Roberta Gemma, Anina Silk, Vickie Brown
FACCETTA NERA – 2019 – Faccetta Nera is the title of a song written by Renato Micheli and composed by Mario Ruccione in April 1935. This song was certainly inspired by the fascist propaganda that prepared the Italians to face the Ethiopian war. The movie has no political label or orientation and uses the title of the song only to highlight the historical period in which the story unfolds. The story takes place in Naples in 1935 and tells of the generational contrast between a powerful gerarca (Massimiliano Storace) and a young militant of the fascist party (Josc Admiral) who live in the same building. Taking advantage of the departure of the gerarca for Abyssinia, the young fascist tries in every way to attract the attentions of his wife (Roberta Gemma) unknowingly involving also the elderly mother-in-law. When everything seems over, a twist will reverse the events of the story.
The Historical Context:
It’s September 11, 1935, we are less than a month from the start of the Ethiopian campaign. In the intentions of the fascist regime, this colonial expedition must be the maximum expression of the strength and efficiency of the Kingdom of Italy. Failure is not contemplated, far from it: this war will have to mark the definitive consecration of the regime in the much sought after ‘place in the sun’ on the international scene, strengthening its image and prestige through a military campaign conducted with enormous deployment of means for a inexorable victory.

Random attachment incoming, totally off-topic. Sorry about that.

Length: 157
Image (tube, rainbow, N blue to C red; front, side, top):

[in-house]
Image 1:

In this context, the propaganda system also assumes fundamental importance, through a series of measures aimed at enhancing the imminent expedition, or, to put it better, at the need for a salvific Italian intervention towards the Abyssinian population, oppressed by a state of slavery. . Here then is the flourishing of various ‘canzonette’ in which the graceful and catchy melody is combined with programmatic texts of strong impact: we remember in particular a 78 rpm which includes the two ‘preparatory hymns’ for the war of Ethiopia, or ‘Faccetta nera’ and ‘I salute you, I am going to Abyssinia’. As mentioned, these are “choral” songs in which the candidates for the expedition declare their virile enthusiasm in front of a real “call of destiny”.
According to the propaganda plan of the Italian Army, in 1935 alarming news spread about the slavery conditions with which the Empire of Ethiopia kept the Abyssinian population subject. A firm, decisive and definitive intervention by the Italian forces is urgently needed to put an end to this slavery, so as to celebrate the colonialist vocation of an Italy ready to expand the borders of its Kingdom significantly. These are the ‘historical’ premises that saw the birth of a song like ‘Faccetta nera’, in which the Roman poet Renato Micheli addressed his words directly to a hypothetical young slave (the ‘beautiful Abyssinian’, in fact) urging her to wait for the triumphant coming and civilizer of the ‘black shirts’.
This is the historical context in which Mario Salieri sets the story of his new film. We have a powerful and affirmed hierarch (Massimiliano Storace) who is preparing for the Abyssinian expedition: we see him haughty, motivated and dismissive of the danger as a regime wants, to face the legitimate insecurities and fears of his beautiful wife (Roberta Gemma), worried about the mission to which her husband is called.
But you know, in fascist families there is no time for tears: during the absence of her husband, the role of the woman will be the eminently domestic role of ‘angel of the hearth’. Roberta will have to look after the elderly mother of the man, who is bedridden and in need of care.